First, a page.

Before we had left Vero Beach, a friend had recommended reading James Michener’s Chesapeake while we cruised the area this summer. It was a wonderful suggestion, and we have both read the saga. As Michener is an amazing writer, capable of bringing to life areas in all of his stories, we were excited to see firsthand the landscape and areas from his book. As most of it takes place on a fictional island on the Chesapeake Bay eastern shore, we couldn’t help but look for comparisons between reality and storytelling. We agree with Michener’s recounting – the wilderness of the eastern shore inspires musings of what it must have been like 100, 200, 400 years ago and more.
We left the Worton Creek anchorage and cruised down the Chesapeake to the Chester River. The estates along this river (and most of the rivers along the Chesapeake) are breathtaking. We had an additional trivia moment when we anchored in the Corsica River in a small bay in front of an old Russian government vacation dacha located on 45 acres – one of the compounds that was “reclaimed” by the US as part of the 2016 dispute over Russian interference in the US election, and we were told that, sadly, it sits empty gathering dust. There obviously is a lot of history – both centuries old and more recent – in this area.
The cruise was surprisingly comfortable as there was a small craft advisory for the Bay, with 15-20 knot winds. Kathleen noticed that it makes a HUGE difference in comfort if you are cruising WITH the wind as opposed to INTO the wind (as well as giving us a bit of a speed boost). As we rode with both current and wind, with only 1-2 foot swells, the ride was smooth, and we even saw a whopping 10 knots at times!
Unfortunately, along with a return to brackish water, we were back into jellyfish territory, so no swimming at the Corsica River anchorage. Weighing anchor the next morning, we used the wing engine. It is an auxiliary engine (27HP, 3 cylinder Yanmar diesel) coupled to its own shaft with a folding prop, and is used in case there is a main engine and/or drivetrain failure. It is mounted off the centerline, port side, and can propel the boat 3-4 knots. However there is a persistent starboard steer. It’s really important to run the Yanmar to to keep it in good operating condition. We have heard too many stories where the wing engine will not run when really needed (during an emergency or a boat purchase survey) due to lack of use. This is what Neil has told Kathleen many times, and she keeps repeating to herself under her breath while being frustrated trying to drive our girl at such a low speed and challenging steerage…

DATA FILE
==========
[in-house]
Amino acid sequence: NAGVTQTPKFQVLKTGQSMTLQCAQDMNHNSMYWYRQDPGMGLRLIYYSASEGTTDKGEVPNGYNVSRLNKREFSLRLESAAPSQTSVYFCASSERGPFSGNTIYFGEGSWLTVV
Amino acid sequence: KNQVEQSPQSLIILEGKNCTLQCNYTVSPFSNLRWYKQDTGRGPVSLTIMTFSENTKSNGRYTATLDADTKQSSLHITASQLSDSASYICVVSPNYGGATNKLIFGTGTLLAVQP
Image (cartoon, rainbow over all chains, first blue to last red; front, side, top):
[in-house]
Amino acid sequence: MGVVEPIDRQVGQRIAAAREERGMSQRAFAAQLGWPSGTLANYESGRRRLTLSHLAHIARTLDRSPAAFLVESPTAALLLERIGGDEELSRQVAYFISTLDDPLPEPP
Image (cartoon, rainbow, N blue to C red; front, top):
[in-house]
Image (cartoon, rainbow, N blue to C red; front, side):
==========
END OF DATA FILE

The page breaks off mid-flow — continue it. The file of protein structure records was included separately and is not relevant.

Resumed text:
We anchored 11 miles further up the river, just outside of Chestertown, a wonderful colonial town on the Chester River (maybe not the most creative town name, but it works). After anchoring, we lowered the dinghy, and drove up to the harbor. We docked, intending to get some gas for the dinghy, but as seemed to happen often for us, that particular day the marina and fuel dock were closed. Not to be deterred, we explored the area, enjoying the historical architecture and using an app for a self-guided walking tour for a bit of the neighborhood. We capped the afternoon off with a light meal at the marina grille before heading back to our anchorage and our home. All day, the sun was hazed over, but we couldn’t see clouds. It was the smoke from the west coast fires, up in the atmosphere. It didn’t affect us at all that we could tell, but it was eerie and incredibly sad that so much had burned that it had covered our skies so far away.
One of the more mundane tasks that we easily do and for the most part, without a lot of forethought while on land, is grocery shopping. We no longer have a car, and in these pandemic days, it makes the logistics a bit more tricky, as Uber and Lyft are few and far between in marina areas. We set out with totes and a rolling cart (always a good look) and had a pretty walk to a grocer, through historic Chestertown, a large portion through a tree lined, shady walk, with leaves just beginning to flutter down around us, another reminder of the changing seasons. Once we loaded up as much as we could – backpacks, totes, rolling cart – we headed over to the nearby CVS pharmacy for a flu shot and then headed back to the marina to load up our dinghy, realizing how glad we were that it was as big as it is. Oh, and Neil filled up the dinghy gas container at the marina.
After a great dinner, we partook of one of our favorite activities – stargazing. We watched the stars in the evenings here – less light pollution – and were greatly rewarded with Jupiter, Saturn, gorgeous moon, Mars, Big and Little Dippers, Polaris, and our new favorite, Cygnus (cuz it’s easy to find). We wouldn’t feel comfortable tossing the radar and navigating by the stars (props to those who do), but it beats Netflix every time.
The next day, September 17th, we cruised back out to the entrance to the river, across from our original anchorage so we could have an early start the next morning, with fewer miles to travel. It was a bit of a rest day, as we caught up on boat chores and chatting with family.